Life Boiled Down

An early morning sailor takes advantage of high winds as their antique boat darts back and forth across the lake with the grace of a ballerina, changing directions suddenly as the old tea-stained sail captures the orange morning light against the purple distant mountains. It reminds me of life, sailing gracefully in one direction till the wind runs out, and then a necessary pivot to capture the wind takes us in new directions. The Great Cleansing When we lose a loved one, as I did this spring, we tend to think deeply about their life and our own, in hopes of being more or less like the ones we lost. And with loss comes responsibility — in this case, clearing out his lakefront summer home, where he had accumulated things since 1987.  Here, Bidder Bidder Because we are putting his home up for auction on August 14, my wife and I (mostly her) have been working feverishly to getting move-out ready and getting the home ready to show, so we don’t have to sort through old boxes under pressure of a closing date.  Yesterday, and all last weekend, I had the pleasure of going through a garage full of boxes,


The Art of Being Uncompromised

The warm colors of morning glow make the pine tree sing in orange and pink, in harmony with reflections on the water and the light show in the clouds. The air is so humid you could cut it with a chainsaw, which makes the color of light especially pleasing. Sunrise on the dock is especially wonderful as I deeply fill my lungs with fresh, pine-scented Adirondack air. Moments pondering life from the dock are my favorite. Living is like a racetrack driver on a high-speed track, making countless subtle corrections to avoid crashes and make it to the end of the race. Which is why I find it a good idea for us to re-evaluate ourselves from time to time.  Evil Thoughts Have you ever caught yourself having thoughts about things that, if you were to act on them, mean you would be seriously compromised? We all have some random evil thoughts, but maturity means not acting on them. But where exactly is the line? To be compromised has different meanings in different situations, but essentially it means you’ve caved in on your ethics. The CIA would say a spy being compromised means they have been found out. Testing Our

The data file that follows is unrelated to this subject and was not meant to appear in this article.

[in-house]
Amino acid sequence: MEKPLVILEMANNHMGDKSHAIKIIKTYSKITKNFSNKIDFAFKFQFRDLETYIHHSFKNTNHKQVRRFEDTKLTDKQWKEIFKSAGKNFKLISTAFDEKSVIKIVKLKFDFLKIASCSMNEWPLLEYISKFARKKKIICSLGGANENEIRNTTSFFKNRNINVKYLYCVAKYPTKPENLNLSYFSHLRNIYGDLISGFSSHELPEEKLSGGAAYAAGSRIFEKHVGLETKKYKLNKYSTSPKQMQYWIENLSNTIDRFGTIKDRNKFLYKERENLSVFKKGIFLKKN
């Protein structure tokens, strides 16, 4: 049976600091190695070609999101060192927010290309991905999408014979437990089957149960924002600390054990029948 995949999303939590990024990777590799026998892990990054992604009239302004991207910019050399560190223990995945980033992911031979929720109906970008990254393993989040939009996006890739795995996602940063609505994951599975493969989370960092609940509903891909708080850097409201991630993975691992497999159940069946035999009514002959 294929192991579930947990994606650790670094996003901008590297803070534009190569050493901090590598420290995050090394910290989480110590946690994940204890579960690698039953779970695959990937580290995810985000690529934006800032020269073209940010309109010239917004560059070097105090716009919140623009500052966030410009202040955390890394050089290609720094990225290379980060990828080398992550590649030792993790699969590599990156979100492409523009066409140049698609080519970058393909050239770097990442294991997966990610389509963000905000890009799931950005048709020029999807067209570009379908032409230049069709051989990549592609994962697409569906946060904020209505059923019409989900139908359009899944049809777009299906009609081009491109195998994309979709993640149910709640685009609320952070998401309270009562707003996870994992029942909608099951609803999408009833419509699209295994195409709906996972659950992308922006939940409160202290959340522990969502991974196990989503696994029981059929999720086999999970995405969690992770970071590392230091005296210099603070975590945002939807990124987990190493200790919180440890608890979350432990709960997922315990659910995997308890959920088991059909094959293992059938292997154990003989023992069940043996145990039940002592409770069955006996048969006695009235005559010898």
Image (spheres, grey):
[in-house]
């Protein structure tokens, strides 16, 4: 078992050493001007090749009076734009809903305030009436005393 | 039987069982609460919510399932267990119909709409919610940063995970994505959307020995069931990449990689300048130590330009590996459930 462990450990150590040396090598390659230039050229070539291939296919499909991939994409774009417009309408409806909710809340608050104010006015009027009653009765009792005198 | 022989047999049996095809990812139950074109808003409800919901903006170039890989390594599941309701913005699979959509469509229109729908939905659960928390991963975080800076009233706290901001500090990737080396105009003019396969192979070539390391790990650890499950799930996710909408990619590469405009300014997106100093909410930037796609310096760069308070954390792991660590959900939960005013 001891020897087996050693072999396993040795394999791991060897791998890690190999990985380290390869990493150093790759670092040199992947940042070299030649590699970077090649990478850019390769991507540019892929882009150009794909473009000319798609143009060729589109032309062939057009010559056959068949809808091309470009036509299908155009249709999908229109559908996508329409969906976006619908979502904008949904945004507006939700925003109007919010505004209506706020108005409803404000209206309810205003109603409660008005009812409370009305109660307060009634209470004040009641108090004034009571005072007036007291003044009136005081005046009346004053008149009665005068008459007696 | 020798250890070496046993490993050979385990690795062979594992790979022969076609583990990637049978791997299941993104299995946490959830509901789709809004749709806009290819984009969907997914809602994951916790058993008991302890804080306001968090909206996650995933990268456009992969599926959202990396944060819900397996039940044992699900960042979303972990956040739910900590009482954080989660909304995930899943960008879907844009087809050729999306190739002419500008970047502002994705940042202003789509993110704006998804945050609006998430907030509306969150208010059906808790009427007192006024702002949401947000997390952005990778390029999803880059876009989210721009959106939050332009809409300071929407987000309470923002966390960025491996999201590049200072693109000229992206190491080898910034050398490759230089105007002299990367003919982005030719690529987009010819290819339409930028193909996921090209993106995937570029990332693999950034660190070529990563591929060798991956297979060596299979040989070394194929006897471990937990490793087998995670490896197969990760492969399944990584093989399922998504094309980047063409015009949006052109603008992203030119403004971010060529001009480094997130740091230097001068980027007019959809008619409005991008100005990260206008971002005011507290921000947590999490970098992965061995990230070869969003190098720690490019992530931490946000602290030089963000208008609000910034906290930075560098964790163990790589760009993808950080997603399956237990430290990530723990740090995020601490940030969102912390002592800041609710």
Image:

A Moment of Clarity

Breathe … that’s what I tell myself as I take in the fresh Adirondack air as I do my yoga stretches on the dock to the sound of the loons and the quiet rustle of leaves. It's the perfect July morning, and a day that will be filled with the smells of grilled burgers and exploding fireworks. Happy 4th. I truly appreciate our independence and freedom.  Have you ever had a moment when you wake up to complete clarity? Ever carried the weight of something on your shoulders for years, and suddenly found it released? The true purpose of life is about lessons that strengthen us, make us better, make us more well rounded and experienced. But sometimes those lessons knock us on our butts. Living a Dream A few years ago I was telling a story to a friend about my experience with a company I had founded in Silicon Valley. When I started the company, I was living the dream. I was mingling with superstars in the midst of the dot-com boom, people who today are household names. I was in the middle of the action, living the dream. Dream Destroyed So what could possibly go wrong? As


One Unexpected Secret to a Powerful Life

Thomas Kinkade-like window lights glow in romantic little cabins across the lake on this dark, rainy morning. Wood stoves warm the air as smoke dances from old red brick chimneys.  The lake is still, glasslike, and the only sound is the peeping of hungry baby robins in the nest in the rafters of this old screened porch. It's a morning for a warm sweater, thick socks, and an extra hot cup of coffee. Finally, after several intense months of difficulty, I’m able to sit here, relax, and reflect. A week has passed since the end of my annual artists’ retreat in the Adirondacks. To shake things up a little this time, and to celebrate our 10th year, we held a grand closing party at a classic Adirondacks “great camp” (a term used for giant homes usually built in the late 1800s),  followed by a world-class fireworks display on the lake overlooking the mountains.  In reality, these extras are not necessary. No one expects them. So why bother? Special Moments The reason for extra effort and expense is that the people attending will never forget those special moments. Hopefully, as they look back over their lives, those will be special memories